Vol 9. Issue 2 / January 19, 2009
Scientists Find Cause of Cartilage Degeneration in Osteoarthritis
By Anna Sobkowski
A team led by scientists at The Scripps Research Institute has found an important link between a protein that declines with age and the development of osteoarthritis, the most common disease of aging affecting nearly 27 million Americans. The finding opens the door to developing effective new treatments for osteoarthritis. Currently, no treatment for this degenerative disease exists apart from palliative drugs for pain and inflammation.
The scientists describe their work in the January 12, 2009, Early Edition of the Proceedings of the National Academy of Sciences. In the study, the team shows how the loss of the protein HMGB2, found in the surface layer of joint cartilage, leads to the progressive deterioration of the cartilage that is the hallmark of osteoarthritis.
"We have found the mechanism that begins to explain how and why aging leads to deterioration of articular cartilage," says Scripps Research Professor Martin Lotz, a world-renowned arthritis researcher who led the study with Noboru Taniguchi, a senior research associate in his lab. "Our findings demonstrate a direct link between the loss of this protein and osteoarthritis."
Osteoarthritis typically begins with a disruption of the surface layer of cartilage. The cartilage surface layer, called the superficial zone, is the most important functionally of the four layers of cartilage present in joints. In normal joints the cartilage surface is perfectly smooth, enabling joints to slide across one another without friction. Once the cartilage of the superficial zone starts to deteriorate, though, osteoarthritis sets in, triggering an irreversible process that eventually leads to the loss of underlying layers of cartilage until bone begins to grind painfully against bone. Osteoarthritis most commonly affects the spine, temporomandibular joints, shoulders, hands, hips and knees.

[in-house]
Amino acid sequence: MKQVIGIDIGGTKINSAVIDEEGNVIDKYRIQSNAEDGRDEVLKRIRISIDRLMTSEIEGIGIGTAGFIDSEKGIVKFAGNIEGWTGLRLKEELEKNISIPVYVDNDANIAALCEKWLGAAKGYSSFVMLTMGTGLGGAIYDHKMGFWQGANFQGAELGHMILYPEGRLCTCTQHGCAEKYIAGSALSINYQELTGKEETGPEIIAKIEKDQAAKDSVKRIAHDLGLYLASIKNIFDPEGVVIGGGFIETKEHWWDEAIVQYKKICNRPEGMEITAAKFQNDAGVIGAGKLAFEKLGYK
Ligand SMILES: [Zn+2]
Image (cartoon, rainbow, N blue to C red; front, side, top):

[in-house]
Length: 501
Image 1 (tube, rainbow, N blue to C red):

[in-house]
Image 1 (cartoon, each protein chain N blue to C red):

"We knew that the first phase of osteoarthritis is the destruction of cartilage in the superficial zone," says Lotz, who has spent the past five years studying the role of HMGB2 in osteoarthritis. "Now we know that before this layer is destroyed, there is loss of the critical DNA binding protein HMGB2 and that this loss is directly related to aging."
The team found that the protein HMGB2 is uniquely expressed on the surface layer of cartilage in joints, where it supports the survival of chondrocytes, the cells that produce and maintain cartilage. Aging is associated with the loss of HMGB2 and an accompanying reduction or total elimination of chondrocytes in the superficial zone. The scientists provided further links between HMGB2 and osteoarthritis by breeding mice to be genetically deficient in HMGB2; these mice had an earlier and more severe onset of osteoarthritis.
The findings, made in collaboration with colleagues from Scripps Research, San Raffaele University in Milan, Italy, and Kagoshima University in Kagoshima, Japan, provide a promising avenue to explore the development of new osteoarthritis treatment options.
"If small molecules can be found to prevent or stop the loss of HMGB2, or conversely, to stimulate the production of this protein, then it is possible that osteoarthritis may one day either be prevented or reversed," Lotz says.
"As our population ages, osteoarthritis will become an ever-greater health issue," Lotz says. "Everyone eventually gets osteoarthritis; even those people who are not functionally impaired by the disease are found to have cartilage damage. And it all starts with the loss of cells in the superficial layer. We now have a starting point for potential prevention, diagnosis, and treatment."
In addition to Lotz and Taniguchi, co-authors of the paper, titled, "Aging-related loss of chromatin protein HMGB2 in articular cartilage is linked to reduced cellularity and osteoarthritis," are Beatriz Carames and Ulrich Ulmer from the Scripps Research Institute; Lorenza Ronfani and Marco E. Bianchi from San Raffaele University in Milan; and Setsuro Komiya from the Department of Orthopaedic Surgery, Kagoshima University in Japan. For more information, see http://www.pnas.org/content/early/2009/01/12/0806062106.abstract.
This work was supported by the National Institutes of Health, and by grants from the Arthritis National Research Foundation and the Japan Orthopaedics and Traumatology Foundation, Inc.
Send comments to: mikaono[at]scripps.edu